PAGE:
So – on reading your post, and thinking about my own un approach to this stuff, I just wanted to write a wee note and send good wishes, intentionally without intent.

    Have a good weekend



    1. Can’t believe you went to the dictionary, low blow 😉

      The intent is the key isn’t it? In fact the more I reflect on it I think intent may just be the key to it all – what HR has to offer the workplace and what we offer as individuals. Helping other people’s good intentions lead to good outcomes. People can smell when intent isn’t quite right. It’s our job to keep genuine and keep capable.

      I hope you took the ‘interesting opportunity’ and I know you’ve got a big year coming up…


  2. David, I share some of the same feelings and anxieties.

    I would say that I am very confident, happy to push myself forward but self promote I find difficult. I use Doug’s term “intent” a lot, and I have reflected that when I push myself forward, my actual intent is that I genuinely want to help where I can. Not through a sense of service but through a feeling that I might have some value to add to make stuff better. ( I guess thats some of the engineer in me and E/INTP). But talking about me, thats different!

    Similar to your book experience, I find it much easier to promote or “sell” others, and where I have really struggled is selling me. I go cold at the thought of the elevator speech and other networking tricks, but like Doug hints at I probably have to accept that others expect that of me, and I have to drop my arrogance and indifference and do it!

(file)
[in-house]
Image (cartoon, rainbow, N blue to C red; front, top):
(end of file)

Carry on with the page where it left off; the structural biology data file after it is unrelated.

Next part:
From a far, if its running away then it looks like you are doing pretty well, and I wonder if its about what type of consultant you want to be. IMHO its all about connecting now, I have managed many of my fears about networking by seeing it as relationship building.
    Interestingly as I write, many years ago when I was a young engineer at Boots, one very sage and wise Senior Manager had words and tipped someone off that I would be worth keeping an eye on with regard to moving into a Key Account Management role. I saw it as sales so killed the connection and idea. Maybe it was me that was missing something!!!

    I wonder if you are missing something that others see?


    1. Thanks Ian. Thanks for responding and thanks for being so open. I’ve reflected a lot on whether I’m missing (or failing to acknowledge) a strength, but I’m in a similar position to you. My drive is to help, as soon as I feel that is something else and it becomes about me I just go flat. Other people see me and assume a different motive to my conversation, so assume something else or something planned is happening (I think…) The reality and the appearance are quite different.

      I’d be happy to be a helpful consultant (help is a very powerful word). I’m not sure how I’ll cope in the market as the ‘running away consultant guy’.

      My wife is aware that I’m happy to attribute any success so far down to luck and I’m prepared for that to run out at some point. I’ll enjoy it whilst it lasts though and I’ll always enjoy meeting people, helping people and learning about people. We work in a great industry and in great times for doing that. Have a top weekend


  3. I completely get the concept that you can project a self-assured and calm demeanor to the rest of the world while inwardly you are a kid in the corner with their hands over their eyes hoping it goes away or running from it in a destructive or constructive way, as the case may be. However, this blog is a little chicken and the egg. Can you really talk about self-promotion without being very self-promotive in an intentional way? Perhaps I delve into a philosophical argument here, but it depends on whether your reality is shaped by your own construct or those of the people around you? Which way did you draw the E?